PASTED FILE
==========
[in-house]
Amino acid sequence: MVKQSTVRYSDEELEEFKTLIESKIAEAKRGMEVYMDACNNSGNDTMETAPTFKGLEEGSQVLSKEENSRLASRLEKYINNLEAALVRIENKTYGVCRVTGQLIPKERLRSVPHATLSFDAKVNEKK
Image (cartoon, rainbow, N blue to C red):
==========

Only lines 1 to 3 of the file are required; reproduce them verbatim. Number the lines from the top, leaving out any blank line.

[in-house]
Amino acid sequence: MVKQSTVRYSDEELEEFKTLIESKIAEAKRGMEVYMDACNNSGNDTMETAPTFKGLEEGSQVLSKEENSRLASRLEKYINNLEAALVRIENKTYGVCRVTGQLIPKERLRSVPHATLSFDAKVNEKK
Image (cartoon, rainbow, N blue to C red):